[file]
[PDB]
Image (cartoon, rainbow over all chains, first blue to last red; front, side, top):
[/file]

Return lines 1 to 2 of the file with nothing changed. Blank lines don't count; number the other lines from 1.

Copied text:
[PDB]
Image (cartoon, rainbow over all chains, first blue to last red; front, side, top):